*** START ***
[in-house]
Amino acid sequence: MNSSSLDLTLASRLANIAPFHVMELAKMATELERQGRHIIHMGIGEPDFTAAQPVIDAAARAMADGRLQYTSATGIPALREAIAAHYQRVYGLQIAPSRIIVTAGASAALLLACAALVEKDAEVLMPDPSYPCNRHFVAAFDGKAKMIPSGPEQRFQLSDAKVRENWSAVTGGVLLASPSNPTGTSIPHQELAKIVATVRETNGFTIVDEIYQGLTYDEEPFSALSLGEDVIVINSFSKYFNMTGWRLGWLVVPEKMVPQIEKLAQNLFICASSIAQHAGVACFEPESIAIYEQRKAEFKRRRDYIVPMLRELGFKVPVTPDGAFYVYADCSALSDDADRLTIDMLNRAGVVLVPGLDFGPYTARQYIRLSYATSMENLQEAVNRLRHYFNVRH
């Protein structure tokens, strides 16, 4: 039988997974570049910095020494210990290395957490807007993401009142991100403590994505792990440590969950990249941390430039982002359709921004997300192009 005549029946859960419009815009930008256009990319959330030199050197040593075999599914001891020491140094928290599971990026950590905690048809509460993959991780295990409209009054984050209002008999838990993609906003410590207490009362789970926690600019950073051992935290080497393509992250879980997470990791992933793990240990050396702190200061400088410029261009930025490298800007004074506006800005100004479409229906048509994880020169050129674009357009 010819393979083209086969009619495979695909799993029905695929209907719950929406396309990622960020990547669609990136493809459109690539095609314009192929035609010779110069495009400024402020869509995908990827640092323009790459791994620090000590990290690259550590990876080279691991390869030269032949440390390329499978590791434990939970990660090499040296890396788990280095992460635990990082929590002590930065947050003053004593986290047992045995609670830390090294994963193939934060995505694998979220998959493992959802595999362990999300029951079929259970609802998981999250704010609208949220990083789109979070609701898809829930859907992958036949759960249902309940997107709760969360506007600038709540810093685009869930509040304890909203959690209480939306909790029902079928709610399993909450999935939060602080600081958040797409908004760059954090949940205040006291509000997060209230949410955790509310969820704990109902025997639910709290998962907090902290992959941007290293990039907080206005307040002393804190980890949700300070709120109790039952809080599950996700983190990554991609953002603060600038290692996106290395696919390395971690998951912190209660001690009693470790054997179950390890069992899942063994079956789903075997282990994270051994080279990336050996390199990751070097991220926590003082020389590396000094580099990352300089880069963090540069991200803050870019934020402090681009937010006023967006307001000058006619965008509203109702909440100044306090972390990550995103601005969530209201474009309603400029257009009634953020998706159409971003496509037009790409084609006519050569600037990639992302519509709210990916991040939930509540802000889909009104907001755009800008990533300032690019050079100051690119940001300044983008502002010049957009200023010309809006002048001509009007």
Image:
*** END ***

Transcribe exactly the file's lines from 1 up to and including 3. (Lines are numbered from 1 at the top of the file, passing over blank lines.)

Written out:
[in-house]
Amino acid sequence: MNSSSLDLTLASRLANIAPFHVMELAKMATELERQGRHIIHMGIGEPDFTAAQPVIDAAARAMADGRLQYTSATGIPALREAIAAHYQRVYGLQIAPSRIIVTAGASAALLLACAALVEKDAEVLMPDPSYPCNRHFVAAFDGKAKMIPSGPEQRFQLSDAKVRENWSAVTGGVLLASPSNPTGTSIPHQELAKIVATVRETNGFTIVDEIYQGLTYDEEPFSALSLGEDVIVINSFSKYFNMTGWRLGWLVVPEKMVPQIEKLAQNLFICASSIAQHAGVACFEPESIAIYEQRKAEFKRRRDYIVPMLRELGFKVPVTPDGAFYVYADCSALSDDADRLTIDMLNRAGVVLVPGLDFGPYTARQYIRLSYATSMENLQEAVNRLRHYFNVRH
């Protein structure tokens, strides 16, 4: 039988997974570049910095020494210990290395957490807007993401009142991100403590994505792990440590969950990249941390430039982002359709921004997300192009 005549029946859960419009815009930008256009990319959330030199050197040593075999599914001891020491140094928290599971990026950590905690048809509460993959991780295990409209009054984050209002008999838990993609906003410590207490009362789970926690600019950073051992935290080497393509992250879980997470990791992933793990240990050396702190200061400088410029261009930025490298800007004074506006800005100004479409229906048509994880020169050129674009357009 010819393979083209086969009619495979695909799993029905695929209907719950929406396309990622960020990547669609990136493809459109690539095609314009192929035609010779110069495009400024402020869509995908990827640092323009790459791994620090000590990290690259550590990876080279691991390869030269032949440390390329499978590791434990939970990660090499040296890396788990280095992460635990990082929590002590930065947050003053004593986290047992045995609670830390090294994963193939934060995505694998979220998959493992959802595999362990999300029951079929259970609802998981999250704010609208949220990083789109979070609701898809829930859907992958036949759960249902309940997107709760969360506007600038709540810093685009869930509040304890909203959690209480939306909790029902079928709610399993909450999935939060602080600081958040797409908004760059954090949940205040006291509000997060209230949410955790509310969820704990109902025997639910709290998962907090902290992959941007290293990039907080206005307040002393804190980890949700300070709120109790039952809080599950996700983190990554991609953002603060600038290692996106290395696919390395971690998951912190209660001690009693470790054997179950390890069992899942063994079956789903075997282990994270051994080279990336050996390199990751070097991220926590003082020389590396000094580099990352300089880069963090540069991200803050870019934020402090681009937010006023967006307001000058006619965008509203109702909440100044306090972390990550995103601005969530209201474009309603400029257009009634953020998706159409971003496509037009790409084609006519050569600037990639992302519509709210990916991040939930509540802000889909009104907001755009800008990533300032690019050079100051690119940001300044983008502002010049957009200023010309809006002048001509009007």